How to have my Samba share show in file directory

Sorry for being confusing.

Please provide the output to:

echo $USER
groups

and also provide the full mount command you’re using (not the mount --all command but the full mount command you used from here before you added it to the fstab file…)

:blush:

P.S. also provide the same output from the computer that is running the Samba share when logged in there…
P.P.S.
:bed: :zzz: :wave:

echo $User on computer:
james
groups output on computer:
sys network power sambashare lp wheel autologin james

Server user output:
jamess7995
groups:
jamess7995 adm cdrom sudo dip plugdev lxd

Mount command that you would use in terminal before configuring fstab:

mount -t cifs //192.168.50.112/home /home/james/home -o  username=sora,password=123456,domain=leviathan

, which outputs ““mount: only root can use “–options” option””, using sudo resolves that and it just works at that point

Ah, you’re logging on under different user names and uids on both client and server.

Try:

  mount -t cifs //192.168.50.112/home -o rw,username=sora,password=123456,domain=leviathan,vers=3.0  /home/james/home 

if that doesn’t work, what is the version number of the Samba running on the server?

Also, I’d make the server and client UIDs the same and use james instead of sora , but that’s just an opinion, not a technical necessity.

:innocent:

Still get “mount: only root can use “–options” option”
from server:

Version 4.7.6-Ubuntu```

Yeah, add sudo, sorry!!!

That should work. what’s your samba config file on the server?

:thinking:

Okay, but the whole issue seems to be that only root / sudo can do it, so even if I run sudo, I’m going to get the same issue with fstab since that’s the same logic?

Nope. fstab always runs as root.
The mount command we’re testing is just to ensure we get the fstab correct before modifying it…

:innocent:

Okay, so just like before, the command works only with sudo, not sure why we did that but what’s next.

If

mount -t cifs //192.168.50.112/home /home/james/home -o  username=sora,password=123456,domain=leviathan

worked, you should add at the end of fstab:

//192.168.50.112/home /home/james/home		cifs	noauto,x-systemd.automount,x-systemd.device-timeout=10,rw,username=sora,password=123456,domain=leviathan 0 0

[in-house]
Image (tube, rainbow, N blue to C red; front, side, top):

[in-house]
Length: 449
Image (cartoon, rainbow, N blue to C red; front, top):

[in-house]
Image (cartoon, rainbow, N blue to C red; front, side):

and then type

sudo mount --all
  • if that gives an error, add a # as a first character¹ to the line you just added and report back the exact error.
  • If you get no error: No news is good news and you should reboot and see if the share now becomes available in /home/james/home automatically.
  • If it didn’t come up automatically, please report back as well.

If it does all work, that’s what the Solution button is for!!

:grin:

Note 1 the # will make that line a comment, so not do anything with it any more…

so running that, does not give me write permission, where as before, I wanna emphasize, just to be sure, the commands were working, and their respective recommended fstab command were not working, unless I ran sudo mount -a

sudo mount -a is the same as sudo mount --all is the same as fstab.

So if you’re telling me:

  • if the share does not get mounted in fstab, the network might not be available when you mount
  • mount --all gives you write permissions but fstab does not?

Please clarify what the remaining issue is?

:thinking:

sorry for the long hiatus, I encountered a new read and write issue, that was entirely irrelevant but I thought I messed something up, so where I’m at, if I run an individual command, I can get it to mount the samba share, if I add a command to fstab, I have to use sudo mount -a, I can’t just use mount --a, which isn’t a big deal. the only problem is that fstab requires sudo, which means I can’t get it to happen at startup

fstab does not contain the mount command anywhere, so this:

is by design… :wink:

fstab runs as root at startup so I don’t understand what you’re trying to say.

Here is more information on fstab

:+1: